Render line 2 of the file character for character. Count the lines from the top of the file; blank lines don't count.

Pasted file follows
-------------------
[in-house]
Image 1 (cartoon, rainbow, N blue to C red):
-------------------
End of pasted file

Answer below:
Image 1 (cartoon, rainbow, N blue to C red):